TikTok star, Houston meteorologist sneaks words into weather reports
Houston meteorologist Adam Krueger was playing Wordle last year when he got the idea to sneak the game’s daily solution into his live weather reports.
Although Krueger knew no one would notice while watching it on CW39 Houston, he used it as a brain exercise to figure out how to naturally combine the word of the day with his report. Wordle is a mobile game owned by the New York Times where players have six chances to find the word of the day.
He uploaded his first video to TikTok in April — the solution was ‘HEIST’. At the time Krueger said he only had 30 followers.
@weatheradam #WordleInTheWeather #wordle #wordletok #wordletips #greenscreen #weather #meteorologist @cw39houston ♬ original sound – Adam Krueger
“If you didn’t know I was doing it, for the most part, you wouldn’t even know if you were watching it on TV,” Krueger said. “My whole purpose here is not to take away from the main weather story, but just to add some fun to it.”
He now has over 111,000 followers and his platform has transitioned from using Wordle solutions to getting suggestions from users who comment on his videos.
Fun with Texas weather
Krueger has been CW39 Houston’s chief meteorologist for just over two years, but has worked at various television stations in Texas since 2006, always making on-air fun a priority.
In 2020, Krueger was still working in Austin when he filmed his first lawnmower, where he can be seen standing in his backyard using his lawn as a green screen.
“It was when everyone was working from home. I was doing the weather from home, and it was just an idea I had and started playing with it. I put it online and it blew up,” Krueger said.
Krueger says he and his team were also the creators of the taco warning vs. taco watch — an explainer that shows the difference between a tornado warning and a tornado watch.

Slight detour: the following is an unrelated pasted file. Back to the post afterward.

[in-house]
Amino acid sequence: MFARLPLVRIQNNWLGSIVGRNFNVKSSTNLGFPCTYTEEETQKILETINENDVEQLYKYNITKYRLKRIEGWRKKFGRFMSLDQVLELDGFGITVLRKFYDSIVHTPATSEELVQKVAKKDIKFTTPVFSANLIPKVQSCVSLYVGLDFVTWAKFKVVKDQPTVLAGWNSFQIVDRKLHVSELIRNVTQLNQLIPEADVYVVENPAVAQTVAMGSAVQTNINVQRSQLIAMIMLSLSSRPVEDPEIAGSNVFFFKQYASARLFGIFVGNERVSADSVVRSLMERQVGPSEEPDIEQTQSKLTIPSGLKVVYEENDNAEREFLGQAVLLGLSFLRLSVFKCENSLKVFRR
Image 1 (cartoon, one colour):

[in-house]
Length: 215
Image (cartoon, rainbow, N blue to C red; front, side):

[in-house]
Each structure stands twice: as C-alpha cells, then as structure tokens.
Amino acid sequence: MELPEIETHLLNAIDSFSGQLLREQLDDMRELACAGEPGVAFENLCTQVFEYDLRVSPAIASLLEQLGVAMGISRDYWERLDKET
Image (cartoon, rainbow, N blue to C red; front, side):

Original. #NationalTacoDay #TacoDay #TacoWatch #TacoWarning pic.twitter.com/wq9PIsScgh
— Adam Krueger (@AdamKrueger) October 4, 2022
Although the ‘taco warning vs. taco clock’ takes inspiration from the cupcake clock vs. cupcake warning, Krueger says he just put a Texas spin on it. #Tacowatch took off on social media and Krueger claimed two viral moments before heading to TikTok.
Krueger’s TikTok got a little traffic while he was doing Wordle summaries, but it didn’t take off until users started suggesting what he should say.
“It’s mostly song lyrics or movie references, pop culture stuff or random phrases,” Krueger said. “People always want to know if I’m going to get in trouble doing it, but everyone at work has been supportive of it.”
One of Krueger’s most recent TikToks received over 2 million views after he inserted the lyrics to Tupac’s biggest hit “California Love” into the preview.
Krueger says TikTok helps him tell weather stories to a younger, non-TV audience, but he’s not alone.
Nick Kosir, aka the dancing weatherman, is one of the most popular meteorologists on the app with over 6 million followers. Meanwhile, meteorologists Scot Pilie’ and Katie Nickolau bring creative ways to tell weather stories and provide a peak into their lives for their large audience.
“It’s the nature of how things are going,” Krueger said. “I think anything that can get people more engaged with the weather, or anything else, I think is great. I think I’ve come up with a fun way to engage some people in what otherwise wouldn’t be they were watching the weather or the news.”
Krueger, 42, said he doesn’t always know what the words users suggest he says mean and sometimes enlists his children for help.
“A lot of people have asked me to say ‘uwu,’ and I asked my kids and they knew right away what it was,” Krueger said.
Krueger doesn’t know where his TikTok content will go. For now, he plans to continue using cryptic words and phrases in his weather reports, but he’s open to changing it to keep up with his audience.
“I think some of the best meteorologists that people remember from when they’re younger is the feeling that they can be friends with them or have something similar to that person,” Krueger said. “But at the heart of what I’m trying to achieve is to tell a good weather story.”